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Mind Matters Reporting on Natural and Artificial Intelligence

CategoryArtificial Intelligence

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Artificial Intelligence and Transhumanism - illustration

John Lennox: Transhumanism Is Not a New Idea

In his just-published book, 2084, Oxford mathematician John Lennox points out that, in the 20th century, both the Communists and the Nazis had attempted transhumanist projects. For example, In the former Soviet Union, attempts were made to use science to create a “New Man.” In 1924, Leon Trotsky wrote: “Man will make it his purpose to master his own feelings, to raise his instincts to the heights of consciousness, to make them transparent, to extend the wires of his will into hidden recesses, and thereby to raise himself to a new plane, to create a higher social biologic type, or, if you please, a superman.” What that program of eugenics involved is explained by historian Andrey Zubov as cited by Read More ›

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big brother watching you

2084 vs 1984: The Difference AI Could Make to Big Brother

In a recent podcast, Oxford mathematician John Lennox answered some questions raised about his new book, 2084 by Walter Bradley Center director Robert J. Marks, including questions as to how the loss of privacy could wind up really harming us: https://episodes.castos.com/mindmatters/Mind-Matters-089-John-Lennox.mp3 From the transcript: Robert J. Marks: It’s been said that AI is the new electricity. It’s neither good nor bad. You have addressed some of the potential negative uses of artificial intelligence or the negative impacts of artificial intelligence, but expanding on that, what are some of the big threats that you see in the use of AI technology in the near future? John Lennox: Well, the threats are best explained by comparing them with the advantages. Let’s take Read More ›

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AT&T CTO Says, Yes, You Can Live Without Your Smart Phone

At COSM 2019, Jay Richards interviewed AT&T CTO Andre Fuetsch (the guy who says your smart phone will disappear). Is that true? And how will we live? From the interview: Andre Fuetsch: We are now on the brink of being able to connect many, many more things than we’ve ever seen before. And just by the fact of being able to connect more things … look at the more traditional wireless networks that we’ve had in the preceding generations. It frankly was just about connecting phones, right? “Some were sort of dumb phones, some were more feature phones. Some are now obviously more smartphones. And these were really more of kind of a one to one relationship with people. 5G, Read More ›

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3D rendering abstract round light background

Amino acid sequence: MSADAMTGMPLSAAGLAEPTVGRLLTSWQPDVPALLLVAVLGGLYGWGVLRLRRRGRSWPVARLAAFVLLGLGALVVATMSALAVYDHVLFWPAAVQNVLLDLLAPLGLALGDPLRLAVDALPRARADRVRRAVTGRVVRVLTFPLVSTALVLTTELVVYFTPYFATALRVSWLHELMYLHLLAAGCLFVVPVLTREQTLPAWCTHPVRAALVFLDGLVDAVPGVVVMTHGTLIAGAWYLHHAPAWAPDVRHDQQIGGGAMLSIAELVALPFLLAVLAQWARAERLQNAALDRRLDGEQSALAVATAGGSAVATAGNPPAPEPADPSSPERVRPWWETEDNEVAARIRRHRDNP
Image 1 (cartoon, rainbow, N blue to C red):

John Lennox: How AI Raises the Stakes for All of Us

This is an excerpt from John Lennox‘s 2084: Artificial Intelligence and the Future of Humanity (Zondervan 2020) published with permission: In April 2018 at the TED talks in Vancouver physicist and cosmologist MaxTegmark, president of the Future of Life Institute at MIT, made this rather grandiose statement: “In creating AI [artificial intelligence], we’re birthing a new form of life with unlimited potential for good or ill.” A study by Sir Nigel Shadbolt and Roger Hampson entitled The Digital Ape carries the subtitle How to Live (in Peace) with Smart Machines. They are optimistic that humans will still be in charge, provided we approach the process sensibly. But is this optimism justified? The director of Cambridge University’s Centre for the Study Read More ›

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Phone-Screen-for-Hel-modified

China’s Health Code App: One More Way to Track Citizens

For the Chinese Communist Party, SARS-CoV-2 (the coronavirus) has provided an opportunity to expand its massive surveillance system. The current extensive network of facial recognition cameras has left some gaps. People could avoid recognition, for example, by wearing a face covering to curb the spread of a respiratory illness. Now, China is looking to fill those gaps by keeping the Alipay Health Code app, launched at the height of the COVID-19 pandemic, as a mainstay for its citizens: Compared to omnipresent facial recognition software and other surveillance systems in China, the health code mechanism covers more people and collects a broader range of personal information. The state can also impose stricter control as people now have to use health codes Read More ›

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Round robot's eye

Exclusive!: John Lennox Answers Our Questions About AI in 2084

In his new book, 2084, the Oxford mathematician doubts that AI, now or then, will out-think humans. Our real worry is how they will be used. Read More ›
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robotic arm catch for electronic assembly line. The robot for smart technology manufacturing process.

What to make of Erica, the AI Superstar Robot?

I have a hard time conceiving of a way that this film could be successful without a little bit of cheating.

An AI super star? In case sci-fi fans haven’t heard, there is a new actress on the block. Her name is Erica and she is a… robot. According to the Hollywood Reporter Erica will star in a sci-fi film called b, “b follows a scientist who discovers dangers associated with a program he created to perfect human DNA and helps the artificially intelligent woman he designed (Erica) escape.” A part of me chuckles, thinking of the creepy uncanny valley Youtube videos of failed attempts at human-like robotics. However, robotics doesn’t seem to be the center of attention here. As Hollywood Reporter also reports, b is, “a $70 million science fiction film which producers say will be the first to rely Read More ›